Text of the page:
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Missoula Boys & Girls Club offers child care for essential workers

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AmeriCorps member Eilish Brennan watches 4-year-old Emry Cooksley color during the opening reception when the Boys & Girls Club of Missoula County opened a clubhouse in 2018.

The Boys & Girls Club of Missoula County is offering a new emergency child care program starting Tuesday for families whose members work in essential businesses and operations and must keep working during the COVID-19 pandemic.

The program will serve children ages 5 to 12, for families working in the essential services outlined in Gov. Steve Bullock's shelter-in-place order that went into effect at 12:01 a.m. Saturday.

"We're just trying to be there, especially for those folks that have those really demanding non-flexible work schedules," said Katie Moore, the CEO of the Boys & Girls Club of Missoula County.

"The least we can do is provide their kids with a safe place where they can get their schoolwork done, and just to be in some normalcy through this uncertain time."

The emergency child care program hosted by the Boys & Girls Club of Missoula County is currently accepting applications for children who do not attend Missoula County Public Schools. Families within the MCPS district are being directed to the emergency child care program hosted in partnership with the Missoula YMCA. Moore said the organizations are working closely to ensure they do not duplicate efforts and are also sharing best practices.

The Boys & Girls Club of Missoula County closed last week after wrapping up its spring break program. Since the closure, Moore said staff have been checking in on their club member families to see what kinds of support they need and connecting them to other resources.

The emergency child care program was developed as the result of Missoula's emergency child care task force, which was formed earlier this month to increase the availability of child care for school-age children after public schools closed as a way to prevent the spread of the novel coronavirus, and a number of child care providers followed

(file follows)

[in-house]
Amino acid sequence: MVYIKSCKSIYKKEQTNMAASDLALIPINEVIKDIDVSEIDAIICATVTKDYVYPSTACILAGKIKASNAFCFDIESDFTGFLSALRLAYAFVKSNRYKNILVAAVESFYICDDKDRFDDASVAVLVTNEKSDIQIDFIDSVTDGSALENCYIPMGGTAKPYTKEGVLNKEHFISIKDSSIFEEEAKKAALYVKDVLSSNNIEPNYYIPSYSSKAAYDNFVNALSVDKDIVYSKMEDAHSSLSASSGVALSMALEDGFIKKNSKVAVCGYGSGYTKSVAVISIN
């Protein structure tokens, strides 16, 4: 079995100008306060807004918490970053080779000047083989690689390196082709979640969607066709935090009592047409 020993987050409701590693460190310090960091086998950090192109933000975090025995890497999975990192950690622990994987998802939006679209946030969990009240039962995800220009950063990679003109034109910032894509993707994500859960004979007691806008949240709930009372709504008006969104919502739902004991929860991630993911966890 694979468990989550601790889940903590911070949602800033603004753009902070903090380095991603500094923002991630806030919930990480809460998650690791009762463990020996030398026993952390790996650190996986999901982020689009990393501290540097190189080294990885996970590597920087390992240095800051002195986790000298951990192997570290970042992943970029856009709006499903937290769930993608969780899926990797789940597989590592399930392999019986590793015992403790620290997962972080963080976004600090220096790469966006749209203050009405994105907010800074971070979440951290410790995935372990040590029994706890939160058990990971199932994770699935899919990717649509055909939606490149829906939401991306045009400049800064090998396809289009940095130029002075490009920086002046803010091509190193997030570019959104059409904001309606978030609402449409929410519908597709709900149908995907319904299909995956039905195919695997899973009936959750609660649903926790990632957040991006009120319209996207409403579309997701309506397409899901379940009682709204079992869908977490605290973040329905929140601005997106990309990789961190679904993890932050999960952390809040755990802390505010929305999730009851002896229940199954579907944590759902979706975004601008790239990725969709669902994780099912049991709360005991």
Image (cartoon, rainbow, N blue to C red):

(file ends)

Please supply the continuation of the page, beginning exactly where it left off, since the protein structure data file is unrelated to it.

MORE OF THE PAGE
"Zero to 5 child care exists already but that didn't exist for school-age kids during the school day because normally kids are in school," said Grace Decker, who is heading the emergency child care task force.

The Boys & Girls Club program will be open 7:45 a.m. to 5:30 p.m., Monday to Friday, and will be located at the City Life Community Center. It has been certified by the Missoula City-County Health Department as an emergency child care facility.

Moore said there are 24 spots, and only six children currently enrolled. If they hit enrollment capacity, priority will be given to three critical occupation areas — health care, first responders and city-county government employees, Moore said.

The program costs $169 per week. Financial assistance and scholarships are available to families on a case-by-case basis, Moore said.

Families can register for different days each week to accommodate various work schedules. Registration can be completed at Questions can be directed to program manager John Waters at

Moore said they anticipate that this week will be slow. However, she said they want to get started now so everything is running smoothly for an anticipated increase in demand in the next two to three weeks.

Decker said the task force has been working with local health care providers who predict that they will have to ramp up staffing in anywhere from a week to a month.


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